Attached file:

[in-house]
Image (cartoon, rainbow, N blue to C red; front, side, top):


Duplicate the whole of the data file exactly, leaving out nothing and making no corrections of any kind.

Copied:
[in-house]
Image (cartoon, rainbow, N blue to C red; front, side, top):